Dressing up ought to be a chance to let the imagination run riot, but marketing offers narrow roles for girls and boys to play. Megan Perryman takes a look.
Are you filled with excitement or dread as you plan your children’s Halloween costumes? For me, it’s a bit of both as I attempt to fight against the sexist messages that saturate the fancy dress industry.
This summer my daughter attended a summer camp which had a fancy dress theme of “Pirates and Princesses”. It’s an odd theme when you think about it. Are there many pirates knocking about Kensington Palace? Or princesses sailing the seven seas? What’s wrong with just having a “Pirates” theme or “Princes and Princesses” (or “Kings and Queens” for that matter)?
My messy, noisy, boisterous daughter could not be further from the princess ideal. And she normally chooses some pretty cool fancy-dress costumes. But this time, because she understood the implication of juxtaposing those two themes, she felt she needed to be a princess to fit in.
No amount of persuading on my part would work, so her pirate costume sat sadly in the wardrobe while she took part in a day of sports and activities whilst wearing a floor-length pink gown.
Princesses versus Superheroes
I don’t particularly have a problem with princess dresses themselves. (It’s hardly a career, but then neither is gorilla, which is what my daughter wore to her school disco). My problem comes from the proliferation of princess costumes (and superheroes for the boys) and the implications this has for what it means to be a boy or a girl.
Fancy-dress is a gateway into a world of make-believe. It can help free your child’s imagination, but it can also contain it:
“If girls are offered only princess clothes to dress up in, they will only act as princesses. They will be limited in their imagination, not having the opportunity to problem-solve how to put out the fire as a fire fighter, or to bandage up a limb as a doctor.” Leanne Shaw, Early Years practitioner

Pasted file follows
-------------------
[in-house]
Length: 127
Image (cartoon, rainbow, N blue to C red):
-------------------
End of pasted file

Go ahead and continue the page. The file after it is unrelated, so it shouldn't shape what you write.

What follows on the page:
If you look at any fancy dress display, the message to children is clear: boys should be superheroes – brave, active, extrovert, and girls should be princesses – pretty, quiet, restricted. This limits both boys and girls, and stops them from being the people they really are.
Marketing images for fancy dress costumes often picture the boys having fun while the girls are demure. The Argos catalogue (pictured above) makes a clear distinction with a blue page of superheroes in legs-apart powerful poses facing off against a pink page of girls posing prettily in their princess dresses. An even more sinister element is the sexualisation of girls’ fancy-dress costumes, such as the “naughty leopard” toddler costume recently withdrawn from Walmart following parents’ complaints.
And why have one version of a costume when you can double your profits by having two? I recently noticed two different ‘devil’ costumes available from www.partydelights.co.uk – under their ‘boys’ selection there is one “for your little hell raiser” featuring a scowling boy beneath a hooded cloak covering most of his body. In the ‘girls’ section is one for “the cutest version of the devil” which shows a girl in v-neck and a short skirt, hand on hip in an adult-looking pose.
When I grow up…